The marks of the Church

By Derek Olsen

It’s now the week after the tumultuous weekend when three bishops were elected, one of whom—as we all know by now—is a lesbian with a long-time partner. During the day I’ve been like many, going about my work and, on breaks and lunch, checking the Anglican blogs and news sources to see the on-going reaction. According to my analysis we’ve moved through the “News and Reaction” phase and are now well within the “Retort and Counter-Retort” phase. To read the blogs, it appears that Christianity teeters on the brink—they just can’t agree on which direction lies the clear light of truth and which the fires of hell.

It’s now later and I sit once again at my computer. The official day’s work has been put away and I now work at a different project, coding old documents into XML. Before me on the screen is one similar in nature to the ones before my eyes during the day; it’s a sermon from an English priest to his people.

Before my eyes even light upon the words, the difference is clear, though; no 24-hour news cycle ever produced this. In the enhanced jpeg image of the page, I can see the faint trace of where a leatherworker’s knife slipped in scraping the hair from the leather. A faint shadow betrays a spot where more pumice-rubbing was needed. A line of pricked holes on either side of the written column provide guides where, a thousand years before, a scribe dragged a dry-point to line the parchment page. The scribe is now dust, but his marks remain.

The consents must come—no wait—the consents must *not* come or else the faith will be in peril. Christianity must change or die—no wait—Christianity must not change lest it die. And the shrill blog voices recede as I follow the flowing marks of the scribe’s pen. On a Tuesday afternoon in the early summer ten centuries past, an English abbot reminded his gathered congregation (Was it large? Was it small?) of the meaning of the Lord’s Prayer:

And se man ðe gode gecwemð he bið godes bearn. na gecyndelice ac þurh gesceapenysse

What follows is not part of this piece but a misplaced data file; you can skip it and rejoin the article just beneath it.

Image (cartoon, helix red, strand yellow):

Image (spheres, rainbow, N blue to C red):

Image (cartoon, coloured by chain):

And the man who pleases God, he is God’s son—not according to kind but through creation and through good deeds as Christ said in his Gospel: “The one who works the will of my Father in heaven, that one is my brother and my mother and my sister.” Now therefore all Christian men whether high ranking or lowly, nobly-born or not, the lord and the slave: all of them are brothers, and all of them have one Father who is in heaven. The wealthy is not better in this reckoning than the poor. As boldly may the slave call God his Father as the king.

This is a faith I recognize. Is it now in danger of dying away? I think of the many misfortunes this manuscript has seen—viking raids, the Norman conquest, the Black Death, the dissolution of monasteries and dismemberment of books, the Civil War, the Blitz. Each generation may fear the worst. This English preacher himself thought that the viking raids besieging England’s green and pleasant land were the harbingers of the Antichrist. Even then the questions were complicated and not clear cut. Placate the raiders with soft gold, or meet their charge with a sterner metal? Come April 19th we’ll remember an Archbishop of Canterbury—Alphege—who faced the hard questions of this time and wrote an answer for history with his own blood.